Saturday, 27 February 2016

Tutankhamun: Hidden chambers inside tomb could hold treasure

Secret chambers discovered inside the tomb of ancient Egyptian King Tutankhamun may be hiding a treasure trove, Egypt's Tourism Minister, Hisham Zaazou, has claimed. He said that Egypt will make a formal announcement about the contents of the chambers in April.

British archaeologist Dr Nicolas Reeves had hinted at the presence of a secret passageway within the tomb of Tutankhamun or King Tut, in August 2015.

In November Egypt's antiquities ministry declared that there could be many hidden chambers inside the tomb.

Infrared thermography showed differences in the temperatures registered on different parts of the northern wall of the tomb. Reeves speculated that the tomb of King Tut was not ready when he died unexpectedly at 19 in 1323 B.C. and he was buried in a rush in what was originally the tomb of Nefertiti, who had died 10 years earlier.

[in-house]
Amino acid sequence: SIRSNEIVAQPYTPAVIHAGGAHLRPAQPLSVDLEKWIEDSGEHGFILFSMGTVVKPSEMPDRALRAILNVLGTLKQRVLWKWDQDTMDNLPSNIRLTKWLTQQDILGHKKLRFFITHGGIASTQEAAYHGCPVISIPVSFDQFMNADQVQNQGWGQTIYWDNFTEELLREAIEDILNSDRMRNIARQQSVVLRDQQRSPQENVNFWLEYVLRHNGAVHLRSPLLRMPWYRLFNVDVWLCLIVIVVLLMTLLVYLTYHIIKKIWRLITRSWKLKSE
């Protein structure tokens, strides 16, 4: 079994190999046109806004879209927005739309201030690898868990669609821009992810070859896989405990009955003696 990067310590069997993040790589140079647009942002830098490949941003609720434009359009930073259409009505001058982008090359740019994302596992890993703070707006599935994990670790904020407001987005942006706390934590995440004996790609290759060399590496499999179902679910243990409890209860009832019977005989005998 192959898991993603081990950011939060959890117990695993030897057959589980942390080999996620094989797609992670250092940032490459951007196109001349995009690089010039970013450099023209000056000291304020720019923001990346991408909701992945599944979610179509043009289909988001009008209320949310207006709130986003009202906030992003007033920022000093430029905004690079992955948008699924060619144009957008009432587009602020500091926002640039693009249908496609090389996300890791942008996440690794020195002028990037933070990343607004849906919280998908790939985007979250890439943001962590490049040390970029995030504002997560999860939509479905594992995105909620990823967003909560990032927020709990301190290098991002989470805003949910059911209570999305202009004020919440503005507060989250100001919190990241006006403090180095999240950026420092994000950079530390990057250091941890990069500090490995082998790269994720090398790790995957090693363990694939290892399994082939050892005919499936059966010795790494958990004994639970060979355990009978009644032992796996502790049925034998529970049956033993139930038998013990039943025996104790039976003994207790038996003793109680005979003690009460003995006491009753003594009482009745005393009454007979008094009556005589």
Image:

Reeves’s claim about Nefertiti being the occupant of the secret crypt left experts skeptical. A mummy found in 1898 by archaeologist Victor Loret in tomb KV35 in the Valley of the Kings may be Nefertiti. Inscriptions, and later genetic analyses identified the mummy as the mother of Tutankhamun. DNA tests confirmed that he was the son of Akhenaten. His mother was confirmed to be one of Akhenaten's sisters or cousin, most likely Nefertiti.

Canoptic jar of Kiya, a secondary wife of Pharaoh Akhenaten
The hidden chamber may contain the mummy of Kiya, a wife of the pharaoh Akhenaten. Other possibilities include the elusive pharaoh Smenkhkare, or queen Meritaton, the full or half sister of Tutankhamun. It's also possible that nothing at all will be found. The discovery of treasure within the hidden chambers of King Tut's tomb would be a "Big Bang of 21st century" according to Zaazou.

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